“We want to become the world’s No. 1 in hydrogen technology.” This is the first sentence in the press release issued by the German Minister Peter Altmaier (energy and economic affairs), which says a lot about Germany’s hydrogen ambitions. Berlin wants desperately to avoid missing the boat on this key technology”and is therefore allocating 8 billion euros to support 62 hydrogen projects.
During the press conference, he held up a beautiful map with all the projects marked on it. What immediately stands out is that there are relatively a lot of projects in former coal regions along the Dutch border and in the east of the country. The north of Germany is also well catered to. This has to do with the fact that there are many offshore wind projects in the vicinity that would supply the electricity needed for hydrogen production.
Altmaier hopes that the government subsidies will have a sort of flywheel effect, whereby every billion euros from the government should lead the private sector investing four times that amount. Which means that the total investment sum could reach an estimated 33 billion euros over the coming years.
It is a form of industrial politics that Altmaier says is unique in its magnitude. And very much in the interests of all Europeans. “With this, we are taking a big step towards a climate-neutral industry,” he said. All projects ahave therefore been dubbed IPCEI (Important Project of Common European Interest).
Meanwhile, there are plenty of misgivings in the scientific community about how big a role hydrogen will actually play. It is true that it is seen as a proven technology for temporarily storing green power for use at a later stage. Yet it is also an expensive technique and not particularly efficient, as a lot of energy is lost in converting green power into hydrogen and vice versa.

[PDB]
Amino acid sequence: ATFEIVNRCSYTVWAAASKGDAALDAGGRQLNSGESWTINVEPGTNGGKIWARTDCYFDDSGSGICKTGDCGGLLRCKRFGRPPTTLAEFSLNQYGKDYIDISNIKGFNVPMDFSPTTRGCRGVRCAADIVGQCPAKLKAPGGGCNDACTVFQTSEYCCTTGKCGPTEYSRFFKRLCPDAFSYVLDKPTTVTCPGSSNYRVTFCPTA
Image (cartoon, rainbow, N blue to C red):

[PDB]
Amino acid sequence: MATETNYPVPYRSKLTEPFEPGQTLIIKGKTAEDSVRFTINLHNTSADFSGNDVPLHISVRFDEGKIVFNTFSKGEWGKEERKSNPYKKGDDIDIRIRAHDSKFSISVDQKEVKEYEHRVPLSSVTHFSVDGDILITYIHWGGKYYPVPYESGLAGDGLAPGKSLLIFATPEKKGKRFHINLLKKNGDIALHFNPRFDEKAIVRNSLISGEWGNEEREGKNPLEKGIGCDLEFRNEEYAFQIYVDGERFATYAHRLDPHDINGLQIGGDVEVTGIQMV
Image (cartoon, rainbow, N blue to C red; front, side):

However, the German government is expecting technological innovations to overcome many of the disadvantages of hydrogen. Moreover, hydrogen – as almost all experts agree – is indispensable for a CO2-neutral heavy industry and the logistics sector.
Steel, chemicals and cars
This is also reflected in the projects that are being supported. For example, almost all steel companies are participating, including Arcelor Mittal, Stahl Holding Saar, Salzgitter and Thyssenkrupp. The same goes for the chemical sector and other energy guzzlers like BASF and Siemens.
On the North Sea coast, the Dutch company Shell is involved in a project together with Vattenfall, Mitsubishi and Wärme Hamburg. The Bavarian carmaker BMW is getting to work setting up a national infrastructure of filling stations. Of course, a lot of money is also going to technology companies like Bosch that will focus on improving fuel cells and hydrogen engines, for instance.
The funds come not only from the Ministry of Economic Affairs and Energy, but also from the Ministry of Transport and from the individual German states. The input is 4.4 billion, 1.4 billion and 2.2 billion euros respectively.